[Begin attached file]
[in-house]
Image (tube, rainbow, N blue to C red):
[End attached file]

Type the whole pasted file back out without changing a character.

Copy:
[in-house]
Image (tube, rainbow, N blue to C red):